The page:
The amount of accommodation can also be expressed as a wavefront at the point R: x A = 1 2 A ( y 2 + z 2 )
here A is the constant representing the amount of the accommodation power and assumes that no extra astigmatism occurs while the eye performs accommodation.

The residual wavefront is now defined as x = x C - x A - x D = 1 2 ( C yy - A - D yy ) y 2 + ( C yz - D yz ) y z + 1 2 ( C zz - A - D zz ) z 2 = 1 2 S yy y 2 + S yz y z + 1 2 S zz z 2

The residual power Save and the residual astigmatism Sas is then derived from the above formula as: S ave = 1 2 ( S yy + S zz ) and S as = 2 { 1 4 ( S yy - S zz ) 2 + S yz 2 } 1 / 2 .

The residual power and the residual astigmatism can be used to evaluate the binocular residual corrective error. Ideally both of them are zero. Correcting for when the the residual power is zero, i.e., Save=0, the accommodation power would be A = 1 2 ( C yy + C zz ) - 1 2 ( D yy + D zz ) = C ave - D ave .
However, the value of A must be assigned a value within a range from 0 to a maximum Amax. So A should expressed as: A = { 0 C ave - D ave < 0 C ave - D ave 0 < C ave - D ave < A max A max C ave - D ave > A max .

In the case of binocular vision, the power of accommodation of each eye can be assigned values for AR and AL individually as determined by the above formula, or each eye can be assigned an identical value for AR and AL according to the theory of physiological optics. The identical value for A may be assigned as the minimum between AR and AL, or the average of AR and AL, or the value which provides the best balance with convergence, or the value with which the most clear retinal image may be obtained, and etc. In this embodiment, the identical values for A is assigned to be AR and AL.

In the case of binocular vision, not only the residual power astigmatism of both eyes, but also the spatial difference between the right and left eyes need to be reduced. Here an average wavefront and a differential wavefront are defined as: x ave = 1 2 ( x R + x L ) , x diff = ( x R - x L ) ,
where residual power astigmatism can also be used as the binocular residual corrective error.

Although the ray tracing calculation method must be carried out with respect to all object points within the visual field to derive their binocular residual corrective error, it is possible to derive these results with less calculation while controlling the calculation errors within a certain range by using the mathematical method called spline interpolation.

b. Deriving the Convergence and the Binocular Vertical Deviation

When an observer views an object in the visual field with both of his eyes, as shown in FIG. 3, he notices that the object point is located at a direction of the version component of the binocular rotation and at a distance which can be derived from the angle β of the convergence. When he wears spectacle lenses and views the same object point again, the directions of both right and left visual lines (i.e. monocular rotation directions) have been changed as shown in FIG. 4. If an intersection point P′ at the extension of both directions of monocular rotation QROR and QLOL exists, the angle of convergence is the angle OLP′OR. However, P′ does not always exist because the directions of monocular rotation QROR and QLOL do not necessarily converge in all cases.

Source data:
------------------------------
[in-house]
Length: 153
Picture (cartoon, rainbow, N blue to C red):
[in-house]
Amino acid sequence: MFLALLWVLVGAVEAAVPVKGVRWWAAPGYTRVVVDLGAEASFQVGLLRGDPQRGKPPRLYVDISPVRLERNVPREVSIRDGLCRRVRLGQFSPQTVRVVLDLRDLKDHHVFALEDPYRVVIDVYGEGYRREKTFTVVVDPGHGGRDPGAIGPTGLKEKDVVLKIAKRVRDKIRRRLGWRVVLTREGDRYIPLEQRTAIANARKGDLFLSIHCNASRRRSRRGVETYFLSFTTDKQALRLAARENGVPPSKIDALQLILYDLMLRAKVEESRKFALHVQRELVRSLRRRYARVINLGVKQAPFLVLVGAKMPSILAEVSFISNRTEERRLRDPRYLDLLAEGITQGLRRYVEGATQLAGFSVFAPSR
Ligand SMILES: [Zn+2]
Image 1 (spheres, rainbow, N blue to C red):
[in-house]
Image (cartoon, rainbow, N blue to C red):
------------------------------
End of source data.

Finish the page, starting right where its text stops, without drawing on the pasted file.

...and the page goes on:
As shown in FIG. 5, the right visual line plane, which contains QROR (whose unit vector is {overscore (r)}R) and OROL, and the left visual line plane, which contains QLOL (whose unit vector is {overscore (r)}L) and OROL, do not completely overlap each other. As described in the step of creating a distorted original image, the point of convergence fixation(P′) should be redefined in this case. In the present invention, a binocular visual plane is defined as the plane containing the direction r _ = r _ R + r _ L r _ R + r _ L ,
the bisector of the angle between {overscore (r)}R and {overscore (r)}L, and OROL. Both projections of {overscore (r)}R and {overscore (r)}L on the binocular visual plane must have a point P′ at which they intersect with each other. The point P′ is then defined as the point of convergence fixation and the angle β of the convergence is defined as the angle OLP′OR. Angle β approximately equals O when P′ is at the infinite distance. Angle β takes a negative value when P′ is at the back side since both eyes are divergent.

The amount of convergence can also be evaluated by the reciprocal of the distance OP′, or approximated by P Conv = 1 OP 2 tan β 2 d cos ζ .
(See FIGS. 3 and 4). This value for the amount of convergence is defined as equivalent to the power of convergence in this invention. Using this definition, we can easily compare the accommodation and convergence, both of these parameters having a close relationship with each other according to physiological optics. When the object point is viewed without spectacle lenses, the power of convergence and the power of accommodation are almost equal. However, when a pair of spectacle lens is worn, a disagreement between these parameters may occur (i.e., the assumption that the power of convergence and the power of accommodation are almost equal may not be accurate). This disagreement may be the reason for discomfort experienced by some people while wearing spectacle lenses. Therefore, a binocular performance index can be defined as Pconv−A, where A is the same power of accommodation determined in the step of deriving the binocular residual corrective error.